Patricia Sue Wolfe was born Oct. 5, 1932 to Fred D. and Louise Brown in Circleville, Ohio. Growing up as an only child, Sue excelled in school and had an aptitude and passion for music. Sue particularly excelled in playing the piano. After high school, she was accepted at Ohio State University and majored in English and also studied and played the piano at various musical events. Through the years, she was many things: a Park Service wife, a mother and a teacher. With husband James ( Jim), they had four children: Virginia, James (David), Tom and Linda .
She was very involved in the kids’ schooling, projects, and of course playing music. She also spent many hours teaching other park service kids how to play the piano. Other than the bears, Sue liked the flora and fauna that was abundant in and around Yosemite and was an active member of the church. However, she wasn’t very fond of all the wildlife in the Everglades National Park.
After many years in Yosemite, Jim and Sue transferred to the Washington D.C. area where Jim served out his career with the National Park Service. In retirement, Jim and Sue settled in the Carlsbad, Calif. area and enjoyed the cultural opportunities and coastal climate. Wherever they were, Sue always made it a point to be involved in the local church.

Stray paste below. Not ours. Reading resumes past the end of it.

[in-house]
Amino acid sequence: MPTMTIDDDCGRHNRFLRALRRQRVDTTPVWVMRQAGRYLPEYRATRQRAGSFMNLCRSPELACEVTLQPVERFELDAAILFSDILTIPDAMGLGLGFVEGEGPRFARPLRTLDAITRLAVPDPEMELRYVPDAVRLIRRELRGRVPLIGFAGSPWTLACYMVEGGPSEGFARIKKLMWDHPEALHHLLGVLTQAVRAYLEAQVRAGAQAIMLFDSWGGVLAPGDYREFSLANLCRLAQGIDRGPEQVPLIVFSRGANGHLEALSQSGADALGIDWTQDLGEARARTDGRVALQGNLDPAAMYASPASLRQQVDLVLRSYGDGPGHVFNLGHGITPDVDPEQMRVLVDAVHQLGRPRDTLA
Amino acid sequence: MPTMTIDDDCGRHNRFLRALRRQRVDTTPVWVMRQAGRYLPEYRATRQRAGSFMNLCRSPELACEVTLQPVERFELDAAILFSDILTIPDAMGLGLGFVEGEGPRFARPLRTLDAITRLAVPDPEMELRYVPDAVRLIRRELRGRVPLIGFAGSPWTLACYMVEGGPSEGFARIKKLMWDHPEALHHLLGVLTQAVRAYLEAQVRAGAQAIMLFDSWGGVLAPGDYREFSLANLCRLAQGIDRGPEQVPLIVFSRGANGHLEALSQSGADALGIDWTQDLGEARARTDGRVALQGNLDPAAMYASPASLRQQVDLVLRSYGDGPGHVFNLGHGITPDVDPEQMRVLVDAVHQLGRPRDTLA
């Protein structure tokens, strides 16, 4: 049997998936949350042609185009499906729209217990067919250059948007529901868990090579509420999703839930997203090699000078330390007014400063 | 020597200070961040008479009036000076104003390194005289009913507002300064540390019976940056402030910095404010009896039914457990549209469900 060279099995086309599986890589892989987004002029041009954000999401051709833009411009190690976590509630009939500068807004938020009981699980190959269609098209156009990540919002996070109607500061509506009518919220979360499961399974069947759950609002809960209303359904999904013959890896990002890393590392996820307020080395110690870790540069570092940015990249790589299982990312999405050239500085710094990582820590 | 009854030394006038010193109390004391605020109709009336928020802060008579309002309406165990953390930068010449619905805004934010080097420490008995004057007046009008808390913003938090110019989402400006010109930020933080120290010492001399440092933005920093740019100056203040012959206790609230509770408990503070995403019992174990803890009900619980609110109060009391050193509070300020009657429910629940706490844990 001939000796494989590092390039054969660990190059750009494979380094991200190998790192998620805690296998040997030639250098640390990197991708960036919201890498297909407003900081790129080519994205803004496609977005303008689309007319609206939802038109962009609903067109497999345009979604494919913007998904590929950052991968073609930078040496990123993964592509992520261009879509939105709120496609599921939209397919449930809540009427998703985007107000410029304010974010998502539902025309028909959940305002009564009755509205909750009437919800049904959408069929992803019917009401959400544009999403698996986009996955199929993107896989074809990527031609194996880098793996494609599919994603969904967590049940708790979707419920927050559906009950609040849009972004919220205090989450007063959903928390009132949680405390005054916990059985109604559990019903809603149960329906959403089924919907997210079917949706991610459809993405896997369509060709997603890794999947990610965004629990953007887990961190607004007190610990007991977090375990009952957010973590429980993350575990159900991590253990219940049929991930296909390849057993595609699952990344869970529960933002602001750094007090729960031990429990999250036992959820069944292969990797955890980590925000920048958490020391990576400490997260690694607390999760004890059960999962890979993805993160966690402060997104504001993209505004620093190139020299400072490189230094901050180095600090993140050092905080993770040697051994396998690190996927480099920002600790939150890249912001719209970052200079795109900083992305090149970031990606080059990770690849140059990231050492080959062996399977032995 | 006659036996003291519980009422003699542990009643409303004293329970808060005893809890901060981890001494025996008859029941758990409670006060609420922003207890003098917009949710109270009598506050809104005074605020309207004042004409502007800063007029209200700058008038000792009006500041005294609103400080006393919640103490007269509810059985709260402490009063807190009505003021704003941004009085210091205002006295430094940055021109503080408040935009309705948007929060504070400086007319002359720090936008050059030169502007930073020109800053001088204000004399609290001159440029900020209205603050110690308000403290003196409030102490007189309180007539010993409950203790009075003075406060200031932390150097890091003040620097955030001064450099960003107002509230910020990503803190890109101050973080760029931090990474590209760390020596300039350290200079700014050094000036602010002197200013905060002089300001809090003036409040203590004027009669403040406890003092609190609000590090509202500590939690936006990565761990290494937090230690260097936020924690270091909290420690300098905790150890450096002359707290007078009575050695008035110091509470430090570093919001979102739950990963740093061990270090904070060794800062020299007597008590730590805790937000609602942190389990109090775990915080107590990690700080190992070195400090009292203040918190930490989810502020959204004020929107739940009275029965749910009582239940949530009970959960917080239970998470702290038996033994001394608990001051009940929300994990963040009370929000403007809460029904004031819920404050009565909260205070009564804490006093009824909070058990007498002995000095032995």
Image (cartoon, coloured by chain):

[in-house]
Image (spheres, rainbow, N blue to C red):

Sue slipped into eternal sleep at Silvergate Assisted Living facility in San Marcus, Calif. Her eldest son David was by her side. Living nearby, David was a continuous presence in his mother’s life and activities. Sue passed away at home on Feb. 2, 2018.
She is survived by Virginia Williams (Keith), David, Tom (Kirstin) and Linda, plus grandchildren and a great-granddaughter.
Sue was preceded in death by her husband, Jim. They both are interned, side by side, in Circleville, Ohio, alongside her parents, Fred D. and Louise Brown.
God looked around His garden and He found an empty place. He then looked down upon this earth and saw your tired face. He put his arms around you and lifted you to rest. God’s garden must be beautiful, He always takes the best. He knew you were suffering, He knew you were in pain. He knew that you would never get well on earth again. He saw that the road was getting rough and the hills were hard to climb. He closed your weary eyelids and whispered, “Peace be Thine.” It broke our hearts to lose you, but you didn’t go alone, for part of us went with you the day God called you home.